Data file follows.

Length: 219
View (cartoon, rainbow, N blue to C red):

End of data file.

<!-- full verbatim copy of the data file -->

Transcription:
Length: 219
View (cartoon, rainbow, N blue to C red):